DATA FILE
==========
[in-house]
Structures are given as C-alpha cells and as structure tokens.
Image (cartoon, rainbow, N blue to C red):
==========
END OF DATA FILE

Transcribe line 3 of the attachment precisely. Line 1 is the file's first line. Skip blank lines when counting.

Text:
Image (cartoon, rainbow, N blue to C red):